Churches stage sour beef dinners

It takes three days to marinate the beef

October 14, 2011|Jacques Kelly

The nights come on earlier. The furnace clicks on. On a humid afternoon, the deep, resonant bell at City Hall sounds the time. It's sour beef's high hour in Baltimore.

In the next week, the aged beef from Hickory Chance Farm in Bel Air will be delivered to Zion Lutheran Church in City Hall Plaza, Lexington and Holliday streets in downtown Baltimore. An army of Zion kitchen volunteers will then begin their labors, days at a time. There's the trimming the beef, the marinating, the tubs of flour and riced potatoes. It's the pickling spices and the vinegar, the red cabbage and the green beans. Then the lines form at the door, Oct. 26-27, for the annual sour beef dinner.

In Canton, at Dillon Street and East Avenue, there's a similar event, from noon to 5 p.m. Oct. 23. This is a Sunday afternoon Oktoberfest staged by members of the United Evangelical Church. It's another merry experience.

I've been to both congregational dinners and savor the experience of seeing so many faces of people whose identities remain a mystery to me. These are Baltimore faces, happy eaters accompanied by exhausted volunteer cooks and wait staff. William Donald Schaefer ate his sour beef. Sen. Barbara Mikulski knows a good thing, too.

Let's put it this way: My idea of answered prayers is a font of marinated beef, properly spiced and swimming in that heaven-sent sweet-sour gravy. Add to it the essential dumplings. The light fare of the summer is past, and it's time to tuck into something robust, a preview of the coming Thanksgiving.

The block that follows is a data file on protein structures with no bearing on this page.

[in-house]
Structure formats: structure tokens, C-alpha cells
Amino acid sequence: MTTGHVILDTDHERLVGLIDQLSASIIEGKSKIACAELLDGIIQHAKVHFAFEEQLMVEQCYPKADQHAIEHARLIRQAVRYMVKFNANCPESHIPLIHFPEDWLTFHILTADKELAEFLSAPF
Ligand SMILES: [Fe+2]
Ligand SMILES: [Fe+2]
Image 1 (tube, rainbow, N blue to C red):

This is not a dish of 30-minute preparation time. The beef spends three days souring in a vinegar-based marinade. And if it doesn't come off just right, picky Baltimore diners will say something like, "Well, it's not as good as last year's" or "Yours doesn't live up to my mother's." They have no shame. And by the way, there is no sour beef as good as grandmother's, unless she is still living and at work in the kitchen. In the meantime, we should be thankful for the work of these two churches.

Every pot of beef, spices and vinegars bears the stamp of an individual cook. One of my grandmothers made hers with a thick gravy; the other made hers with thin. One made potato dumplings; another used more flour.

My mother was not a born cook, but she tried with grand enthusiasm. One year she skipped the beef altogether and used venison. We called it sour deer. It was delicious.

On another occasion, my mother's pot of dumplings completely disintegrated in the hot water. It looked like boiling white glue. But she was unperturbed, salvaged the meltdown and the next day produced tasty vichyssoise.

I'll also say this: Some years I go easy on the beef or the dumplings and just have the gravy over the green beans and ask for a double on the red cabbage. I've been know to frequent Zion's in-house bar hosted by Hampden's Wine Source.

Zion Church's event will take place over two days: Wednesday, Oct. 26, and Thursday, Oct. 27. The dining room will be open from 4:30 p.m. to 7:30 p.m. Wednesday and from 11 a.m. to 2 p.m. Thursday. The Beer Hall in Zion's marvelous hall, the Adlersaal, will be open both days from 4:30 p.m. to 9:30 p.m., with dinner served until 8 p.m. on both evenings. Dinner is $14. I hope the supplies hold out.

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